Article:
I must have struck a chord last week with all of that analysis on switching behavior and consumer confidence. Thanks for the great feedback and dialog that ensued – you gave me some great ideas on follow-up research.
You probably missed it a couple weeks ago – because I don’t think I mentioned it here – but we made an exciting announcement about a new partnership with Univision to study the exploding U.S. Hispanic market. Expect to see some content from me on that subject from here on out.
Here are a few of the more interesting things we are seeing right now:
One of the first things we’re watching closely in the Hispanic market is the emergence of the Millennial Hispanic Mom. Not only is their purchasing power increasing, but it spans categories (i.e. not just grocery and household products but financial services, insurance, and major purchases). More importantly, they are highly brand-loyal and vocal about it – as power users of social media, they tell (and influence) everyone about the brands and products they use. Pay attention to that.
YouTube TV might seriously shake-up the television industry. One of the oft-cited reasons consumers (and I) give for their resistance to cutting the cord is their lust for live sports. With its new $35/month live TV streaming service, YouTube is attempting to own that very space. According to our data, a relatively small percentage of consumers appear likely to use the service initially – but they significantly over-index as sports fans. If the service can grow beyond an early adopter base, it could be the last shoe to drop for widespread cord-cutting.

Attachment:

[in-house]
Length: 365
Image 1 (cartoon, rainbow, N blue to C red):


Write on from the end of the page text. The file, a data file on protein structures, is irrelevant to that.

Virtual home assistant gadgets, like Alexa and Google Home, have a big hill to climb before they reach the mainstream. While it seems like these toys are all the rage, our data would suggest that the majority of home assistant buyers to date – young, affluent, and tech-savvy – value them primarily as a glorified speaker system. The next generation of likely buyers look to be a bit older (35+), with a penchant for “Smart Home” applications. The problem is that only about 11% of US households are “smart” today, with a slow pace of adoption forecasted. It makes me wonder if these home assistants are a bit before their time.
Because I’m afraid you’d go into withdrawal if I didn’t mention the word “Trump” at least once, we continue to dissect the President’s impact on consumer brands. Two of our scientific advisors published their analysis on our Nordstrom data following the Ivanka Trump dust-up. They reach a fascinating conclusion that, while the spate won’t hurt Nordstrom among its shoppers, it created an opportunity for the Ivanka Trump brand to move aggressively down-market. I fully expect this kind of jockeying to happen more and more as consumer segments become increasingly fragmented.
Have a great weekend. And thanks again for all your feedback.